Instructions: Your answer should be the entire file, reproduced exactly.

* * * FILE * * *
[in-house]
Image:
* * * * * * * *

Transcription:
[in-house]
Image: